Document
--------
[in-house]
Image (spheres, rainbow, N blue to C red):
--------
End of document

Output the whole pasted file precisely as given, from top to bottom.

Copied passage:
[in-house]
Image (spheres, rainbow, N blue to C red):